nosoftwarepatents

  • The European commission has just passed its directive on software patents, violating democratic rules and procedures to the sole benefit of big non-European corporation and Ireland and to the detriment of small and medium sized businesses (which comprise 99% of the European software industry) and free software.

    The European parliament will now be taking the last stand against software patents in a voting for which an absolute majority is needed. Such a majority is hard to come by in a parliament with a low attendance level.

    But not all is lost yet as long as you decide it is time to make a difference and take action. This is our last opportunity to fend off software patents worldwide, there will be no second chance for the foreseeable future.

    Signing petitions will not suffice. Contact your local EU representatives and educate them why software patents are a bad idea in the first place and why they must attend that parliament session to vote against them. Make it clear that they need to stop the machinations of the EU council and reaffirm the power of the EU parliament, the only democratically elected EU institution. For in-depth information and starting points to get active visit the software patent page of the FFII (Foundation for a Free Information Infrastructure) and NoSoftwarePatents.com.

    it time to say No to software patents or Linux, Videolan, Mplayer, Gimp, OpenOffice, Firefox and all GPL tool will disapear!!!!!

    Portal NoSoftwarepatents.com: French, English, German

  • Samsung / Apple UK judgment from http://www.apple.com/uk/legal-judgement/

    Apple is a kid with way too much power at the moment.

    On 9th July 2012 the High Court of Justice of England and Wales ruled that Samsung Electronic(UK) Limited’s Galaxy Tablet Computer, namely the Galaxy Tab 10.1, Tab 8.9 and Tab 7.7 do notinfringe Apple’s registered design No. 0000181607-0001. A copy of the full judgment of the Highcourt is available on the following link www.bailii.org/ew/cases/EWHC/Patents/2012/1882.html.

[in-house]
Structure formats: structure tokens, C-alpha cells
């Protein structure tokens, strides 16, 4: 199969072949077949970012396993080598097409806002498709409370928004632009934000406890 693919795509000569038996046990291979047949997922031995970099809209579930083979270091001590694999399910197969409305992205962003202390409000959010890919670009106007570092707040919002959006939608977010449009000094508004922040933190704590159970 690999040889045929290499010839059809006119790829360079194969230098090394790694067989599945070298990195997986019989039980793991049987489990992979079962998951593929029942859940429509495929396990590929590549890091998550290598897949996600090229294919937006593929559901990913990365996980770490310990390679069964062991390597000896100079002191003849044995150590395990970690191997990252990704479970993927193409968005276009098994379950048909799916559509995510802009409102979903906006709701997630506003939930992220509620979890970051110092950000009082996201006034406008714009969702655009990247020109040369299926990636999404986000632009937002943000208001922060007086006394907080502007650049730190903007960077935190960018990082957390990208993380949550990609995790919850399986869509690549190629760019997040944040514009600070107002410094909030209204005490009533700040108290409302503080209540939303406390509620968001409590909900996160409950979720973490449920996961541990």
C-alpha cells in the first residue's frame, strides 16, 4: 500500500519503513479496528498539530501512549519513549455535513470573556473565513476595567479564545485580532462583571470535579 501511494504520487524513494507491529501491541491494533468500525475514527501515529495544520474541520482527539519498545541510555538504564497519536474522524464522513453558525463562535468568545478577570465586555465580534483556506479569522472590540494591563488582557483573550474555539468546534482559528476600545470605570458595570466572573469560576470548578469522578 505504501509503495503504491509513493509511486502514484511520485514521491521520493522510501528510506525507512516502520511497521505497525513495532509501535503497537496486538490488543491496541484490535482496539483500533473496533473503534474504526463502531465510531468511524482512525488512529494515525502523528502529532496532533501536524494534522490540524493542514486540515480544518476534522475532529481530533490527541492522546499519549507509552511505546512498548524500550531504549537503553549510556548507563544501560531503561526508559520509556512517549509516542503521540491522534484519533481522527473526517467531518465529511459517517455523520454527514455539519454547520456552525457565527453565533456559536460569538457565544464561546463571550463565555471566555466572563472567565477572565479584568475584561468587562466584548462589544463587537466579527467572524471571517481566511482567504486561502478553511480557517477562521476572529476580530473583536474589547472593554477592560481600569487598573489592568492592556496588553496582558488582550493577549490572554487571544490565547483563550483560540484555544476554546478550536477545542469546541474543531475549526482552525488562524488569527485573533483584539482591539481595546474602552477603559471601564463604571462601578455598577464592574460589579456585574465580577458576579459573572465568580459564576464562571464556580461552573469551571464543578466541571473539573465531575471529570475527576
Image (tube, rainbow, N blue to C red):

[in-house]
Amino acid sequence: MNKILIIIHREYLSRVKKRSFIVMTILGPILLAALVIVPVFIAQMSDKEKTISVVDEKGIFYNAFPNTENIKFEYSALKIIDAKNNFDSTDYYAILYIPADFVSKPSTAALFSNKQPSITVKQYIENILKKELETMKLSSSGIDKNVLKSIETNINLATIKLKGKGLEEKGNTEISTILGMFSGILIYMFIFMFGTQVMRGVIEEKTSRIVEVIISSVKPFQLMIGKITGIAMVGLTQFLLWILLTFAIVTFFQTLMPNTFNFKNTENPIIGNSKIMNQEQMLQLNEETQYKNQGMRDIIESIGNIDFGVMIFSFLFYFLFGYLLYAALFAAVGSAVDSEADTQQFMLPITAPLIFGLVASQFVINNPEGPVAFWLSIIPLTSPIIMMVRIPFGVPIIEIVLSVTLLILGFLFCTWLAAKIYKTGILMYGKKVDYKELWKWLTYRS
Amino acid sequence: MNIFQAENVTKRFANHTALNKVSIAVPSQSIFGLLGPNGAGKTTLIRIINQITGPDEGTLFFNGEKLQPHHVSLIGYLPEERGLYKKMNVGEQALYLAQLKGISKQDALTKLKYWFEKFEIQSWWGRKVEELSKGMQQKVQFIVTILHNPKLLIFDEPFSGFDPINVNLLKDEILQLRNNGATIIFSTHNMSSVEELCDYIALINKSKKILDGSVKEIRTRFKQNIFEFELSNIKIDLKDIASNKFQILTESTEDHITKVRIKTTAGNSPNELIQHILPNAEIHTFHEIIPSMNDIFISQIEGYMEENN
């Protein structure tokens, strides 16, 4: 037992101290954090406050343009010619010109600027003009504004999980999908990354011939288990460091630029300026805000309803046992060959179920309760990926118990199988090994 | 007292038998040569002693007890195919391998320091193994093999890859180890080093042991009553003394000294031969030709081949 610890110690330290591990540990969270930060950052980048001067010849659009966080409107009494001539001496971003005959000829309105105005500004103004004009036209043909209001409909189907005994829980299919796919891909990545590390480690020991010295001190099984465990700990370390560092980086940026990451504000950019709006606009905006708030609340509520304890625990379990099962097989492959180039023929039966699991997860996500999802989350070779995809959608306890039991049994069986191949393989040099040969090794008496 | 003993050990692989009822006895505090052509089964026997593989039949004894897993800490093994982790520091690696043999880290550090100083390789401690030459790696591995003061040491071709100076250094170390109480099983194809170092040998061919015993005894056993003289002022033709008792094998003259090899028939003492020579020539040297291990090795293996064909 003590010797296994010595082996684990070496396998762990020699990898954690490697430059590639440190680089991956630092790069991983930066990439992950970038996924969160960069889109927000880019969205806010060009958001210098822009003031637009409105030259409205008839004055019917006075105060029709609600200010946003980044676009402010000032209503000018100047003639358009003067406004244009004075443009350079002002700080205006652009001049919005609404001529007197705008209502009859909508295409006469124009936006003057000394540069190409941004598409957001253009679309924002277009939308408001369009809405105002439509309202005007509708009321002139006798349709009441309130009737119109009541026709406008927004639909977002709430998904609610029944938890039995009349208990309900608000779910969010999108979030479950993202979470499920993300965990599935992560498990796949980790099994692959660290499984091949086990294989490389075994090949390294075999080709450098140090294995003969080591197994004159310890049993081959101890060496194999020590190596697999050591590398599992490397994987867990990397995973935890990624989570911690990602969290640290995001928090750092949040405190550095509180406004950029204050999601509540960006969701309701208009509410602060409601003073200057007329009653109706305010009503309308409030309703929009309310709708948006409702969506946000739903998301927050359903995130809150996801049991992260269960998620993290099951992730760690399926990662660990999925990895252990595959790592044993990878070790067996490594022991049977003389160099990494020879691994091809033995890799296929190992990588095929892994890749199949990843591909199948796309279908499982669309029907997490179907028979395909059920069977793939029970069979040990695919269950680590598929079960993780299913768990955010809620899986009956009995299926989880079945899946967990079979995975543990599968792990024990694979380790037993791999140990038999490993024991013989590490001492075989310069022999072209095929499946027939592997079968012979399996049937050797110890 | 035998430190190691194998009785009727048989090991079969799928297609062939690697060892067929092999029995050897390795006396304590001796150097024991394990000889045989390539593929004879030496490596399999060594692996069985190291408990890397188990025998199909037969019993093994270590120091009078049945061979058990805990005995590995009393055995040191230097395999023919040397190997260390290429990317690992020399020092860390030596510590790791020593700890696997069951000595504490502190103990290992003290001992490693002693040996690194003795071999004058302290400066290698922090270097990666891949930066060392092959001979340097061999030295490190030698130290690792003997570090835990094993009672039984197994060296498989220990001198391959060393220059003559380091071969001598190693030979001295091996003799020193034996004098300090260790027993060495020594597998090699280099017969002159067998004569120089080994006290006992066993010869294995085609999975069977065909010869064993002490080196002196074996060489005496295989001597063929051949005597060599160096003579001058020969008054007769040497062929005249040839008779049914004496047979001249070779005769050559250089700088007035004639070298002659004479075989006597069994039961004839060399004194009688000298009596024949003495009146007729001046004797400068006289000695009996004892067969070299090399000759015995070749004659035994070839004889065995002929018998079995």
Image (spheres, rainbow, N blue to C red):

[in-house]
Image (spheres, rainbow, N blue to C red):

In the ruling, the judge made several important points comparing the designs of the Apple and Samsung products:

    "The extreme simplicity of the Apple design is striking. Overall it has undecorated flat surfaces with a plate of glass on the front all the way out to a very thin rim and a blank back. There is a crisp edge around the rim and a combination of curves, both at the corners and the sides. The design looks like an object the informed user would want to pick up and hold. It is an understated, smooth and simple product. It is a cool design."

    "The informed user's overall impression of each of the Samsung Galaxy Tablets is the following. From the front they belong to the family which includes the Apple design; but the Samsung products are very thin, almost insubstantial members of that family with unusual details on the back. They do not have the same understated and extreme simplicity which is possessed by the Apple design. They are not as cool."

    That Judgment has effect throughout the European Union and was upheld by the Court of Appeal on 18 October 2012. A copy of the Court of Appeal’s judgment is available on the following link www.bailii.org/ew/cases/EWCA/Civ/2012/1339.html. There is no injunction in respect of the registered design in force anywhere in Europe.

    However, in a case tried in Germany regarding the same patent, the court found that Samsung engaged in unfair competition by copying the iPad design. A U.S. jury also found Samsung guilty of infringing on Apple's design and utility patents, awarding over one billion U.S. dollars in damages to Apple Inc. So while the U.K. court did not find Samsung guilty of infringement, other courts have recognized that in the course of creating its Galaxy tablet, Samsung willfully copied Apple's far more popular iPad.

    The extreme simplicity of the following design is also striking, Can I enforce a patent?

    minimalistic_design_apple_what_a_joke

  • Thank you, Poland!

    The undersigned wish to express their sincere thanks to the Polish government for their action to remove the "A-item" of adopting the "Software Patent Directive" from the agenda of the Agricultural Council meeting on December 21, 2004.  It would have been a horrible mistake for the European Union to adopt this "Software
    Patent Directive".

    signed the letter now and visit also NoSoftwarePatents campaign